February 16, 2012

Ley Lines, revisited

There are no gods in Ig, therefore no clerics or magical healing. However, D&D throws around a lot of effects that would be all but lethal to a party without such resources, especially at high level play. While I want to encourage players to retreat when things are looking bad, I also want to tell evocative stories like Weathertop and the flight to the ford in Fellowship of the Ring, where healing is available but found at the end of a hard journey. Where does one turn when some moldy papyrus king in a ruin give you mummy rot? Wise women and shamans offer foul potions that are as likely to give you a week of the runs as cure your wasting disease. In Ig the solution is ley lines.

Ley lines are an invisible web of mystic force that connect places of power called loci. A locus is always found in the wilderness far away from humanoid habitation. Buildings disrupt the flow of power to and from a locus. Construction around these sites completely destroys them. Loci take the form of supernal aspects of nature like standing stones, solitary trees, or waterfalls. Each loci is connected to at least two more by ley lines. A mystically sensitive person can detect these lines as they travel and follow them back to their loci. Elves and magic users can tap into these natural power sources to cast divine spells. This power comes at a trickle compared to the theistic torrent clerics wield in other universes, so the casting time is greatly extended.This is not common knowledge among the humans and dwarves of Ig, although most elves know about them due to their highly tuned magical senses.

Anyone magic-using class present at a locus can cast divine spells. Elves cast spells as if they were a cleric at half their level, while wizards at a quarter. Assume character have access to all spells available to a cleric at that level. The casting time is extended to one day per round, and a week per turn. Spellcasters take a point of Constitution damage per full day after the first they cast a spell due to exhaustion. This time is spent in deep meditation as the caster collects the power for the spell. Any physical disruption such as combat will stop the process. Once a spell has been cast a locus' magical resources are exhausted for 2d10+5 days.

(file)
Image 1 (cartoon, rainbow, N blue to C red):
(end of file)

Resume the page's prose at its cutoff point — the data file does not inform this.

Detecting a ley line is a DC 20 check. Elves get a +4 bonus due to their racial sensitivities. Both elves and magic-users can also add half their level to the check. Anyone using Detect Magic gets +10 to their check for the duration of the spell.

When creating a wilderness map place loci at least five day’s journey from any settlements, including above-ground ruins. Roll or pick the form the locus takes from the table below, each locus is connected by 1d3+1 more. These loci are located 1d20+5 day’s travel away in a random direction.

Locus Type (roll 1d10)
  1. Seasonal Grove (permanently one season)
  2. Giant Mushroom
  3. Spring
  4. Waterfall
  5. Stone Circle
  6. Solitary Tree
  7. Waste
  8. Menhir
  9. Fairy Circle
  10. Hilltop
If access to the full range of cleric spells seems overpowered consider requiring a token/scroll/or bit of magical research for a character to make use of a given divine spell.


  1. Hi,

    Apologies for the off-topic comment, but I couldn't find a contact email for you.

    I've recently put out an ebook of my writing, called The New Death and others. It's mostly short stories, with some obvious gamer-interest material. For example I have a story inspired by OD&D elves, as well as poems which retell Robert E Howard's King Kull story The Mirrors of Tuzun Thune and HP Lovecraft's Under the Pyramids.

    I was wondering if you'd be interested in doing a review on your blog (either a normal book review, or a review of its suitability as gaming inspiration).

    If so, please let me know your email, and what file format is easiest for you, and I'll send you a free copy. You can email me (news@apolitical.info) or reply to this thread.

    You can download a sample from Smashwords:


    I'll also link to your review from my blog.


    1. Thanks for reading my blog, I really appreciate new viewers! I don't think I can review your book. I don't really a lot of free time to spare lately, especially with work ramping up the way it has been. I'm really flattered that you reached out to me, sorry I can't be of more help.

  2. No problem. Thanks anyway.